Archive for March, 2009

Hazel Nuts in Edible Hedges

hazelnut I’m thinking that every part of our garden has to “pay its way” and that a standard privet hedge just doesn’t contribute enough to merit consideration. So I’ve been looking at edible hedges, and the one plant that really stands out for me for this is the Hazelnut (or Cob nut or Filbert) they can be kept down to hedge height and should produce a dense hedge with flowers and – obviously – copious supplies of delicious and nutritious nuts which will store well. They seem to be freely available, with dozens of varieties listed at online nurseries, and they don’t seem to be too hard to grow. There’s a good introductory article from The Times on popular trees for a small garden and here is the guidance from Blackmoor Nurseries:

Cobnut trees are hardy and grow well on a wide range of soils except those that are waterlogged, but like all plants they grow best in soil conditions that suit them.

They prefer a good friable topsoil overlying a free draining substrate. A soil that is too fertile will tend to produce trees with excessive vigour, which will not crop well. However, it is still possible to grow reasonably sized and cropping trees on stony ground as long as there is sufficient soil and good drainage.

Cobnuts are largely self sterile – the pollen from a given variety cannot pollinate the same variety. If you live in the countryside where there are plenty of wild hazels nearby, then these will probably pollinate your trees.

A neutral to alkaline soil is ideal, but cobnuts also grow well in more acid soils.

Trees are sold online bare-rooted when dormant (usually between Nov-March). I’ve missed my chance for this year, but the nurseries start taking orders from April, so once I’ve got my head around the different varieties I’ll get on and order some.

Suppliers

Protecting your Carrots from Carrot Fly

Carrot Fly is apparently a major source of grief for British carrot growers. I don’t fancy losing my hard-won crop to the little flying pests so I was happy to hear that there is a fool-proof way to avoid them. Set aside plans to wrap them my carrots in fleece or surround them in polythene:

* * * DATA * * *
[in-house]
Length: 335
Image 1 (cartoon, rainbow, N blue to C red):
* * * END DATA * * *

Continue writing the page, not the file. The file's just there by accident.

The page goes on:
Carrot Root Fly has a limited altitude – it can’t fly higher than 18-24 inches (depending on which site you believe).

So if you grow your carrots in tubs at least 30in high you will have no problems with Carrot Root Fly. I just saw it on UKTV Gardens so it must be true Very Happy

Making Mushroom Compost

Mushrooms are one of my little peccadilloes – so it was great to come across a good article over at Food from the Garden on creating mushroom compost and using it to grow your own mushrooms – a much more resilient solution than depending on bought Mushroom-growing kits. So that I have a copy in case the original page goes missing I have also reproduced parts of it below the fold, but go here to read the article while it is still there.

Continue reading

Eating Acorns

I never thought life would get this bad 🙂 but I’ve been looking for a resilient alternative to Wheat, as I’m pretty sure we’re not going to be able to grow enough in our garden to feed my Wholemeal Bread habit. 

Prompted by an article written by Janaia from Peak Moment called “Make Like a Squirrel” I’ve found out that you can eat acorns (after quite a lot of preparation!) They were a key food for Native Americans, and can be incorporated into a range of dishes including bread. The most comprehensive srticle I’ve found is one from Peggy Spring at the San Antonio Natural Area Parks, who suggest these recipes:

 

Steamed Acorn Black Bread 
Mix together: 
1 1/2 cups Acorn Meal 
1/2 cup Acorn Grits 
1 cup white flour 
1/2 cup sugar 
1 teaspoon salt 
1 teaspoon baking soda 
Add: 
1/2 cup dark molasses 
1 1/2 cups sour milk 
2 tablespoons salad oil 

Wring out a pudding cloth in boiling water, spread it in a round bottom bowl and turn the batter into it. Tie the corners and suspend the bag over boiling water in a closed kettle for 4 hours. This should be served hot from the bag, and a steaming slab of this rich, dark, moist bread is just right with a plate of baked beans.


Apache Acorn Cakes 

1 cup acorn meal, ground fine 
1 cup cornmeal 
1/4 cup honey 
pinch of salt 

Mix the ingredients with enough warm water to make a moist, not sticky dough. Divide into 12 balls. Let rest, covered, for 10 minutes or so. With slightly moist hands, pat the balls down into thick tortilla-shaped breads. Bake on an ungreased cast iron griddle over campfire coals or on clean large rocks, propped up slightly before the coals. If using the stones, have them hot when you place the cakes on them. You’ll have to lightly peel an edge to peek and see if they are done. They will be slightly brown. Turn them over and bake on the other side, if necessary.

I can’t see these being a staple of our diet any time soon – but I’m dying to give this a go. I’d better keep an eye out for local oaks.

Creating a home greywater system

 I’ve blogged a lot about water over at GentleDescent – I think living in a seven-year drought tends to make you realise how much we take water for granted. This is particularly true in the garden, where it is quite easy to go through hundreds of litres with a hose or sprinkler without even realising. We’ll be having Rainwater Tanks, but a large part of their output will be going into the house. To really ensure we have enough water for all the amazing food I want to grow, we’ll need to look at re-using our greywater too. The video below from the great guys at Peak Moment shows an interesting, low-energy greywater system – something I’ll definitely have to think about.